Excerpted From: Hala Baradi, Advocating for Abolition in Health Law: A Theory and Praxis to Liberate Black Incarcerated Women, 51 Journal of Law, Medicine & Ethics 196 (Spring, 2023) (137 Footnotes) (Full Document)


HalaBaradiOn May 2, 2022, a draft opinion authored by Justice Alito revealed the Supreme Court's intention to overturn Roe v Wade. The leaked draft sparked national protests from the pro-choice movement. Protesters held signs saying “bans off my body,” and “don't police my body.” People on social media likened Justice Alito's draft opinion to the popular television show “The Handmaid's Tale,” indicating a belief that this opinion could usher in a severe retrenchment of reproductive justice laws that would render women objects of the state. The idea that the state can force people to give birth and control what they do with their own bodies enraged and frightened women and their allies throughout the nation. And yet, this is nothing new. Beyond the fact that reproductive justice rights have been whittled away in recent years, there already exists a subset of the population whose bodies and entire livelihoods are literally policed by law enforcement and the so-called criminal “justice” system--incarcerated women. Historically, the carceral state has served as a mechanism to control and regulate the reproductive capacities of marginalized people, particularly Black women. As we collectively mourn the impending loss of our reproductive rights and buttress existing mutual aid networks to prepare for its eventuality, we must not forget those behind bars, who have been systematically robbed of such rights from the outset. Their designation as prisoners has robbed them of most reproductive health rights that many of us can still exercise, at least for the time being. If we are to remain ardent about protecting reproductive justice for all, then we must center the lived realities of our most marginalized people. Since the carceral state is a mechanism of control that disproportionately targets Black people, and the reality of being a woman compounds vulnerability, then we ought to understand how systems of oppression work to abridge their reproductive capacities. Black radical activists, such as those from the Combahee River Collective, have put forth the theory that “if Black women were free, it would mean that everyone else would have to be free since our freedom would necessitate the destruction of all the systems of oppression.” This theory, combined with abolition, can provide an avenue to facilitate our collective reproductive freedoms.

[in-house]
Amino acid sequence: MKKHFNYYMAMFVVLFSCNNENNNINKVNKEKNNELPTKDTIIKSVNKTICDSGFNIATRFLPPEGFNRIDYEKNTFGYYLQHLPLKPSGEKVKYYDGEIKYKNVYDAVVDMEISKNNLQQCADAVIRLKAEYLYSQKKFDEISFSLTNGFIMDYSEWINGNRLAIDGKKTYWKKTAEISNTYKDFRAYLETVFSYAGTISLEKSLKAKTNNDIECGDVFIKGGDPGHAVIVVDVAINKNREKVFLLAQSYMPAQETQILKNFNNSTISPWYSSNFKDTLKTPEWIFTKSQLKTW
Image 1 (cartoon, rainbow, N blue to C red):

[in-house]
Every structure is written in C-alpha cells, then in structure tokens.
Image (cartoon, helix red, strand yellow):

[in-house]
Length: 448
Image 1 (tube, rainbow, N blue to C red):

Abolition is a vital tool that the law can use to end mass incarceration and the restriction of reproductive freedoms within prisons. Abolition is a theory and praxis that requires a two-pronged approach. First, it calls for the dismantling of the entire prison-industrial complex and the oppressive systems that uphold it, such as white supremacy, capitalism, and heteropatriarchy. Second, abolition calls for building alternative systems of restorative justice centered on care rather than violence. As Ruth Wilson Gilmore explains, “abolition is about building life-affirming institutions.” The claim implicit within the abolitionist framework is that the carceral state is not malfunctioning. The disproportionate number of people of color behind bars is not by accident, but rather indicative of how the carceral state evolved from slavery. High recidivism rates are not by happenstance nor indicative of a formerly incarcerated person's moral failing. Indeed, research shows that the exit and reentry of incarcerated people are concentrated within the poorest, minority neighborhoods, indicating a targeted approach to imprisoning people. Abolition insists that the carceral state is working exactly as intended--to control and subjugate historically marginalized groups for the benefit of those in power.